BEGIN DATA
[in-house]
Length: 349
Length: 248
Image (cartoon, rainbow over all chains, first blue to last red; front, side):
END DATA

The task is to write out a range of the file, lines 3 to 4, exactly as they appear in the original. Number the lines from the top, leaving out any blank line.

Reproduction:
Length: 248
Image (cartoon, rainbow over all chains, first blue to last red; front, side):